Techniques for User Agent Accessibility Guidelines 1.0

5 Resources

Note: W3C does not guarantee the stability of any of the following references outside of its control. These references are included for convenience. References to products are not endorsements of those products by W3C.

5.1 Operating system and programming guidelines

Refer to the following guidelines from Apple:
Browser Helper Objects: The Browser the Way You Want It, D. Esposito, January 1999. Refer also to
"Requirements for Accessible Software Design", US Department of Education, version 1.1 March 6, 1997.
"EITAAC Desktop Software standards", Electronic Information Technology Access Advisory (EITAAC) Committee.
"Software Accessibility", IBM Special Needs Systems.. Refer to the IBM guidelines for software accessibility, IBM guidelines for Java accessibility.
"The Inter-Client communication conventions manual". A protocol for communication between clients in the X Window system.
"An ICE Rendezvous Mechanism for X Window System Clients", W. Walker. A description of how to use the ICE and RAP protocols for X Window clients.
"IBM Guidelines for Writing Accessible Applications Using 100% Pure Java", R. Schwerdtfeger, IBM Special Needs Systems.
"Java Accessibility Guidelines and Checklist". IBM Special Needs Systems.
"The Java Tutorial. Trail: Creating a GUI with JFC/Swing". An online tutorial that describes how to use the Swing Java Foundation Class to build an accessible user interface. Refer also to information on the Java Foundation Classes.
Refer to information about character encodings required by Java version 1.3.
Information on Java Accessibility API can be found at Java Accessibility Utilities.
The OSF/Motif Style Guide.
Software accessibility guidelines for Windows applications. Refer also to Built-in accessibility features.
Information on keyboard assistance for Internet Explorer and MS Windows.
"The Microsoft Windows Guidelines for Accessible Software Design". Note: This page summarizes the guidelines and includes links to the full guidelines in various formats (including plain text).
Information on active accessibility can be found at the Microsoft Active Accessibility home page.
"Lotus Notes Accessibility Guidelines" IBM Special Needs Systems.
"Describing and retrieving photos using RDF and HTTP", Y. Lafon and B. Bos. The 3 May 2000 version of the W3C Note is
Information on Synchronized Accessible Multimedia Interchange (SAMI) accessibility.
Articles, Talks, and Papers from Sun Microsystems about accessibility.
"Towards Accessible Human-Computer Interaction", Eric Bergman, Earl Johnson, Sun Microsytems 1995. A substantial paper, with a valuable print bibliography.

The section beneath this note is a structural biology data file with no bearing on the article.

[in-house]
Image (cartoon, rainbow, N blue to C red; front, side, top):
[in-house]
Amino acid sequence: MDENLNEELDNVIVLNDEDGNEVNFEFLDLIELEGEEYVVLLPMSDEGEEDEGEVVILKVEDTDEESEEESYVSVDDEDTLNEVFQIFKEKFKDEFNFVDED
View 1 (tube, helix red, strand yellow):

National Information Standards Organization. One activity pursued by this organization concerns Digital Talking Books. Refer to the "Digital Talking Book Features List" and "Digital Talking Book Standards Committee Document Navigation Features List" drafts for more information.
"EZ ACCESS(tm) for electronic devices V 2.0 implementation guide", C. M. Law, G. C. Vanderheiden, 23 February 2000. This guide, developed by the Trace Research and Development Center, describes a simple set of interface enhancements that can be applied to electronic devices so that they can be used by people with disabilities, or anyone who experiences difficulty using a device in the standard method of operation.
"Application Software Design Guidelines" compiled by G. Vanderheiden. A thorough reference work.
"What is Accessible Software", James W. Thatcher, Ph.D., IBM, 1997. This paper, available at the IBM Accessibility Center, gives a short example-based introduction to the difference between software that is accessible, and software that can be used by some assistive technologies.
Information on accessibility guidelines for Unix and X Window applications. The Open Group has various guides that explain the Motif and Common Desktop Environment (CDE) with topics like how users interact with Motif/CDE applications and how to customize these environments. Note: In X, the terms client and server are used differently from their use when discussing the Web.

5.2 User agents and other tools

A list of alternative Web browsers (assistive technologies and other user agents designed for accessibility) is maintained at the WAI Web site.

[ADOBE] Tools and information about Adobe PDF and accessibility.
The Altifier Tool generates "alt" text intelligently.
Amaya is W3C's test-bed browser and editor.
The Accessible Web Browser<, senior project at the University of Illinois Champaign-Urbana
W3C's CSS Validator service.
DirectDom technology, available from alphaWorks, allows a Java developer to manipulate the live Document Object Model of a browser or Scalable Vector Graphics plugin to build rich graphical user interfaces.
The G2 player version 7 for Windows.
HelpDB is a test tool for Web table navigation.
Home Page Reader.
Internet Explorer 5.0 for Windows 95, Windows 98, and Windows NT. Refer also to information on using COM with IE. Refer also to information about monitoring HTML events in the IE document object model.
JAWS for Windows.
The Lynx Browser.
The Mozilla browser.
Netscape Navigator.
Open Directory Project information on the W3C DOM.
The Opera Browser.
The QuickTime player.
A table navigation script from the Trace Research Center.
W3C's HTML/XML Validator service.
ViaVoice speech recognition software.

5.3 Accessibility resources

"Braille Formats: Principles of Print to Braille Transcription 1997" .
The National Braille Association.
The National Braille Press.
Recording for the Blind and Dyslexic.
Microsoft's Speech Application Programming Interface.
Speak to Write is a site about using speech recognition to promote accessibility.

5.4 Standards resources

"Codes for the representation of names of languages", ISO 639:1988. For more information, consult Refer also to